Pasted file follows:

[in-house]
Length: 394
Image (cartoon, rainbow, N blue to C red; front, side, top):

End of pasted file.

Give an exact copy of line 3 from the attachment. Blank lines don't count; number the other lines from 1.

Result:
Image (cartoon, rainbow, N blue to C red; front, side, top):